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Occupying Space in Medieval and Early Modern Britain and Ireland


Gregory Hulsman and Caoimhe Whelan

This collection offers a range of interdisciplinary viewpoints on the occupation of space and theories of place in Britain and Ireland throughout the medieval and early modern periods. It considers space in both its physical and abstract sense, exploring literature, history, art, manuscript studies, religion, geography and archaeology. The buildings and ruins still occupying our urban and rural spaces bridge the gap between the medieval and the modern; manuscripts and objects hold keys to unlocking the secrets of the past. Focusing on the varied uses of space enriches our understanding of the material culture of the medieval and early modern period. The essays collected here offer astute observations on this theme and generate new insights into areas such as social interaction, cultural memory, sacred space and ideas of time and community.
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Preface (Gregory Hulsman and Caoimhe Whelan)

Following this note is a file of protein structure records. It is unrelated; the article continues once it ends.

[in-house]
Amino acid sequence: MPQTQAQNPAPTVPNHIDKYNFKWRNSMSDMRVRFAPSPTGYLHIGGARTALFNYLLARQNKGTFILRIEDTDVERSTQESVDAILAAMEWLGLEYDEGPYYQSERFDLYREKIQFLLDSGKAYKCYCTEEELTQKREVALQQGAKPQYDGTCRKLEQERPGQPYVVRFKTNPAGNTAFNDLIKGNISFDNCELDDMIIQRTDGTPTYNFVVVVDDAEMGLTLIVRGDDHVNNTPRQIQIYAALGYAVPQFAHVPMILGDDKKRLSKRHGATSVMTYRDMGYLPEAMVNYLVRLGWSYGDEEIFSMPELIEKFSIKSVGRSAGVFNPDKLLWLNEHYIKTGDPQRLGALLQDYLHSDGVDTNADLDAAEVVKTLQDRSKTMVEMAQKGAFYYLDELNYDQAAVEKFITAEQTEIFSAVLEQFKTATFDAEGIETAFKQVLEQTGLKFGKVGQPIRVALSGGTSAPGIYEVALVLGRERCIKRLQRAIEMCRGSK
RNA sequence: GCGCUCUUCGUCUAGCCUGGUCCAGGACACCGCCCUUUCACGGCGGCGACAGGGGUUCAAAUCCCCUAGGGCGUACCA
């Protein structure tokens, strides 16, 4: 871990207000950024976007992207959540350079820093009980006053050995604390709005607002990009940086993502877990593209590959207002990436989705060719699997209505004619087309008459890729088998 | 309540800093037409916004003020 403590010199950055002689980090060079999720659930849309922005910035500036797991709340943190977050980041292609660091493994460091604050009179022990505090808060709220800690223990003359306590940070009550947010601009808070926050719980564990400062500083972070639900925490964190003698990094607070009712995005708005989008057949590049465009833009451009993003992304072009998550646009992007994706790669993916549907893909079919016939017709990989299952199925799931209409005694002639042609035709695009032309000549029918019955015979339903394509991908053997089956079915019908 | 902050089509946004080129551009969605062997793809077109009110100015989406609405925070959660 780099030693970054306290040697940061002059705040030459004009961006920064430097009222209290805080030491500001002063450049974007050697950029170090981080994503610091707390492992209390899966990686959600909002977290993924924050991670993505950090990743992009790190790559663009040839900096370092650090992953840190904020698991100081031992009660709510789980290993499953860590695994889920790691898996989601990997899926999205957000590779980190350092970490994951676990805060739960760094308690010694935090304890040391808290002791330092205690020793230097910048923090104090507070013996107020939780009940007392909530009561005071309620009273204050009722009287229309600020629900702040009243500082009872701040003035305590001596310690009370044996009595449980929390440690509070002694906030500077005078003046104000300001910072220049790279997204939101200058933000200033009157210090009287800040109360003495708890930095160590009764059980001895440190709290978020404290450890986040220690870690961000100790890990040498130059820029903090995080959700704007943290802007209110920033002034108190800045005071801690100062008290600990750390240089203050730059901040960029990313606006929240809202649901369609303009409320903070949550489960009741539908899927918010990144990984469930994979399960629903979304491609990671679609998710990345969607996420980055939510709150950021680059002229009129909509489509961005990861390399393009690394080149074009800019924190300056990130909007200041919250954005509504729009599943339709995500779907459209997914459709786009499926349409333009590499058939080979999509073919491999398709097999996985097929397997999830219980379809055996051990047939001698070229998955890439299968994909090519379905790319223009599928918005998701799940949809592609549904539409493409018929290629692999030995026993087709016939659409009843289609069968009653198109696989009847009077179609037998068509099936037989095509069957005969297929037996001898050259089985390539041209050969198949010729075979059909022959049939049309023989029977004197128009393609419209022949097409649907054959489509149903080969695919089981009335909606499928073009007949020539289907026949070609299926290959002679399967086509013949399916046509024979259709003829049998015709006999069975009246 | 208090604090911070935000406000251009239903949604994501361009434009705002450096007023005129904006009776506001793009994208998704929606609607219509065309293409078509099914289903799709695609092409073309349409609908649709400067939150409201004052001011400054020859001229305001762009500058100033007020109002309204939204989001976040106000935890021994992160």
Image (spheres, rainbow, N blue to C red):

This volume arises out of early career work showcased at the 2013 three-day Borderlines XVII medieval and early modern conference held at Trinity College Dublin. The annual conference rotates between four Irish universities: Trinity College Dublin, Queen’s College Belfast, University College Cork and University College Dublin, and focuses on current research being undertaken by early career scholars in the medieval and early modern period. It is the largest postgraduate and early career conference held in Ireland and has always generated wide interest from the academic community, attracting many overseas visitors. The continued success of the Borderlines conferences, and the enthusiasm of the audience for a volume distilling some of the excellent scholarship on display, has encouraged us to produce a book comprising twelve chapters developed from papers delivered over the three-day period, all of which are linked by the conference’s theme of ‘Occupying Space’.

The selection of papers chosen for this collection offers an examination of a wide range of topics on this theme across the spectrum of the medieval to early modern period, demonstrating interesting intertextual readings and parallels across disciplines and time periods. The unifying theme of ‘Occupying Space’ provides a broad canvas that facilitates a review and re-sketching of the contours of the past in relation to physicality, materiality and locality. The buildings and ruins still occupying our urban and rural spaces bridge the gap between the medieval and the modern, while manuscripts...

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